Linux Misc. Technology

Lexar ThumbDrive not detected on FC1->FC2 upgrade

This is a strange one. My 128MB Lexar Thumbdrive gets detected and mounted automatically on my Thinkpad T40 but on my Dell desktop, FC2 isn’t even detecting it.

FC2 on the Dell is detecting my Palm Tungsten T and a USB Bluetooth dongle, and a USB multi-card reader but not the Thumbdrive. Again, odd but it’ll require some poking around on the net.

Linux Misc. Technology


I just installed gnome-blogger on my FC2 Dell desktop. Looks very simple and powerful with decent editing features. What would be nice is to have a blog plugin for emacs…something to look around for 🙂

Linux Misc. Technology

Fedora Core 2 Experience

I just finished my download of Fedora Core 2 after 4 days of trying and funny enough, using Bittorrent from Europe was faster than using the torrent for the US ( I’m located in the US). Go figure.

I did the following upgrades/installs:

  • Installed FC2 on a new partition on a Dell desktop with FC1 already installed along with Windoze XP
  • Installed FC2 from scratch a Thinkpad T40 where FC2 Test 3 was already installed
  • Upgraded FC1 on my Dell desktop to FC2

Here are my initial impressions:

  1. Install of FC2 on new partition
    • The install went fine. I wrote down the partition that I wanted to do the install on, and away the installer went.
    • Upon completion of the install, the Bootloader was updated. Unfortunately, the boot configuration did not pick up my previously installed version of FC1 on a different partition. I booted up into the new minimal installation of FC2, mounted the boot drive partition of FC1 and added the Grub information back to /boot/grub/grub.conf.
  2. Install of FC2 on a Thinkpad T40 with FC2 Test 3 already installed
    • No problems with the install
    • No other extensive tests done yet.
    • Wireless LAN card was not picked up by the 2.6 kernel so I installed the Prism54 drivers for the Netgear WG511 manually. Though not an ideal situation, since apparently the drivers should be included in the 2.6 kernel, the card works nonetheless.
  3. Upgrading FC1 to FC2 on a Dell Desktop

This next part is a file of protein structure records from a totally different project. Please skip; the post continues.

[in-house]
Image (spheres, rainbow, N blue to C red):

• The installation process worked as it should
    • The boot configuration again messed up and did not pick up that I had installed FC2 from scratch on a different partition. It blew away the settings for the minimal install of FC2 so I have to add the entry back in manually. It would be nice if the Fedora Installer was as smart as the SuSE installed and pick up all other distros installed. Oh well, maybe FC3!
    • I had a little Postgresql database that will have to be upgraded to the new version of the DB format for Postgresql. Not a big deal, done it before for Postgresql.
    • On my first boot into the upgraded installation, XMMS and the Gnome-Sound Preferences wouldn’t play any sound. I went into the Sound config utility and probed the Turtle Beach soundcard and I got sound. Let’s see what happens on subsequent boots.
    • The infamous XKB error is now appearing. Here’s the resolution.

More to come as the testing continues…..

Linux Misc. Technology

Creating your own bootable Linux CD

There’s a great article on linuxdevcenter on how to create your own bootable Linux CD based on Knoppix.

Using and Customizing Knoppix by Robert Bernier — Several Linux distributions boot directly from CD-ROMs. How many are usable in that state? How many are customizable in that state? Klaus Knopper’s Knoppix is perhaps the best known of these distributions. Robert Bernier explains how to use Knoppix and how to customize your own self-booting distribution CD.

The Linux Journal also has a great article on how to create your own bootable Linux CD based on any distribution of your choice.

I’m going to try creating one based on Fedora Core 2 as soon as I can finish downloading it. I’ll post the details of my endeavor.

Linux Technology

SuSE 9.0 Live-CD

Working out of a different office today, I was extremely apprehensive about being forced to use Windows and Outlook. I decided to download the SuSE 9.0 Live-Eval CD and bring it to the office.

Once I got here, I popped in the CD, rebooted the PC and went through the config – very short. It basically asked me the location and language and that’s it.

It took less than 5 minutes for SuSE Linux to be up and running connected to the network via DHCP. I was quickly and easily able to ssh over to my Fedora Core 1 machine at the other office, run emacs, firefox, and evolution. My biggest problem was that no matter what I did, I could not set up a local printer. Turns out that /etc/cups is mounted from the CD and no configs can be changed. Not the end of the world but annoying. Wound up saving the PDF to a thumbdrive, rebooting into Windows, and printing the PDF from there, then rebooting into SuSE.

A few annoyances with this otherwise fantastic OS-on-the-go:

  • No NTFS Read/Write support
  • Most of the settings/customizations I had made were lost at reboot. Would be nice to be able to save customizations to a floppy, hidden directory on another fixed disk, or thumbdrive
  • Not being able to setup a printer and YaST sucking up CPU trying to do it

Other than that, I think I’m going to carry a SuSE Live-CD with me everywhere!